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Anatomy and Neurobiology becomes Department of Neuroscience

New name formalizes broad discipline across neuroscience

by Caroline ArbanasMarch 10, 2016

THINKSTOCK

Washington University’s highly regarded Department of Anatomy and Neurobiology – one of the original departments at the School of Medicine – has been renamed the Department of Neuroscience.

The new name formalizes the department’s focus across the discipline of neuroscience but does not diminish its long-standing commitment to teaching anatomy to medical students, said Azad Bonni, MD, PhD, the Edison Professor and head of the Department of Neuroscience. “Indeed, anatomy is in the department’s DNA,” he added.

The department has a long, rich history that dates to the late 1800s. It was established as the Department of Anatomy and was the only department to survive the 1910 Flexner Report, a harsh critique of U.S. and Canadian medical schools that called for reforms in medical education and more rigorous standards for admission and graduation.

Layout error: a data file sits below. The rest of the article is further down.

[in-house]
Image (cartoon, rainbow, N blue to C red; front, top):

In 1975, under the leadership of W. Maxwell Cowan, MD, PhD, the department was renamed the Department of Anatomy and Neurobiology, reflecting its reach into the neural sciences. Then, under the direction of Gerald Fischbach, PhD, and later, David Van Essen, PhD, the department further expanded its focus in the neurosciences, paralleling a broad interest in the discipline across Washington University and other top universities throughout the country.

With the new name, the department will focus its research mission on the neuroscience of brain development and function, with a special emphasis on understanding how neural circuits are assembled and activated. Another major emphasis will be on studies that bridge neuroscience and neuropsychiatry, particularly as the disciplines relate to intellectual disabilities and autism spectrum disorders.

Azad Bonni, MD, PhDRobert Boston
Azad Bonni, MD, PhD

Since Bonni’s arrival in 2012, the department has recruited scientists in developmental neurobiology, neuroepigenetics, imaging, behavioral neurobiology, systems neuroscience, evolutionary neurobiology and physical anthropology.

“We are building on a truly remarkable history and are poised to begin a new journey,” Bonni said. “The Department of Neuroscience has exceptional faculty and a new vision for making great progress in understanding the inner workings of the brain and the nervous system.”